As a band who have split and reformed more frequently than they’ve released albums, even founder member Steve Brooks must’ve been erm... floored at the rapturous reception his Torche precursors received when they reconvened in 2010. So exponentially had their fanbase grown by then, it was enough to convince Steve to start writing new material.
There’s no escaping the sonic parallels between Floor and Torche, largely thanks to Steve’s canny ear for sweeping, enlivening vocal melodies and a more than liberal use of bowel-haemorrhaging brown-notes, but there was always something more ethereal and stripped back about Floor’s approach.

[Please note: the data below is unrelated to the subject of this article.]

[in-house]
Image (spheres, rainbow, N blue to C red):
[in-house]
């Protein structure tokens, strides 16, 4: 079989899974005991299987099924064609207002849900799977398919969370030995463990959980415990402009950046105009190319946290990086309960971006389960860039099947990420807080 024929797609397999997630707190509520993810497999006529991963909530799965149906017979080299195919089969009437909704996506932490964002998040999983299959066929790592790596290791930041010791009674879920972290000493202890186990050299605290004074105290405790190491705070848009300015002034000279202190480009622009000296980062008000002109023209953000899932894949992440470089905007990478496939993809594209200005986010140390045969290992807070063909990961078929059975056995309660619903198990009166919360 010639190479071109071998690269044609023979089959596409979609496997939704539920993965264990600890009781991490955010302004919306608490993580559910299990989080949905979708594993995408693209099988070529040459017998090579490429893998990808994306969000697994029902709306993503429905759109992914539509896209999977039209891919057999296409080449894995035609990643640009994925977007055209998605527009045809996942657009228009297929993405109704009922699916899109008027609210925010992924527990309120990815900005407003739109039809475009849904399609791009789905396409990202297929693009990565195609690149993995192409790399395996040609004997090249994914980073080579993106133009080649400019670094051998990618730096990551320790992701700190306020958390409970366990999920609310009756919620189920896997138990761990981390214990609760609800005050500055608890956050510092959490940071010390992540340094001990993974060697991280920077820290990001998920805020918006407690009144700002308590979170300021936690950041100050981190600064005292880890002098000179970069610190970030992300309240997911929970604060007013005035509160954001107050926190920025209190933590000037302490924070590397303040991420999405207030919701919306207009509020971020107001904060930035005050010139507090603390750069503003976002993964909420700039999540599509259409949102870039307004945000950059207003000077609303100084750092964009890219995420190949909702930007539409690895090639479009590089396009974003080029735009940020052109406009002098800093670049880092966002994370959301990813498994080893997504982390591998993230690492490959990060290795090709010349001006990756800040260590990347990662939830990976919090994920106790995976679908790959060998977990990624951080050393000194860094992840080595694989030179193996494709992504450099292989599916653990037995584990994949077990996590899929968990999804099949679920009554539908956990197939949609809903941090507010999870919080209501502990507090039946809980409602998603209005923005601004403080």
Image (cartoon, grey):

Largely thanks to some typically outstanding production work from Kurt Ballou, Oblation captures their sludgy melancholy perfectly. Like the In Return EP wrapped in 80s pop sensibilities, the likes of the title track or the eight-minute Sign Of Aeth might be like being slowly bludgeoned in the chest at the top of a mountain, but it’s the comparatively subtler tracks such as the stuttering Homecomings And Transitions that elevate them above being merely Torche Snr.